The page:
On November 7, 1883, an exhibition of 453 works by 137 artists opened at the English Hotel on the downtown Indianapolis Circle. It was the first exhibition organized by the Art Association of Indianapolis, which well-known suffragette May Wright Sewell, her husband Theodore, and a small group of art-minded citizens had formed a few months earlier. In the process, they wrote the mission statement that spelled out their intentions. The success of that exhibition, which attracted sizable crowds throughout its three-week run, established the Art Association as a viable factor in the local cultural scene and led to more exhibitions, as well as lectures and eventually a campus featuring both a museum and an art school.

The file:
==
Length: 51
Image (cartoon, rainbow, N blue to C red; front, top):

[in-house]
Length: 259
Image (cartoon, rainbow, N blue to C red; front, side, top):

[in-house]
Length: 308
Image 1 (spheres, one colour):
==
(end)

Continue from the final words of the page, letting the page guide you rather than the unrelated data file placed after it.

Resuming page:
Though the Sewalls were never timid about dreaming big, even they would be shocked to see what the small group they helped found 130 years ago has become. Since the Art Association of Indianapolis changed its name to the Indianapolis Museum of Art in 1969—a precursor to its move the following year from its longtime home on the campus of the John Herron Art Institute at 16th and Pennsylvania streets into a new building at 38th Street and Michigan Road—the organization has evolved into the fifth largest encyclopedic art museum in the country, with active exhibition and education programs that far surpass anything the Art Association’s founders could have imagined.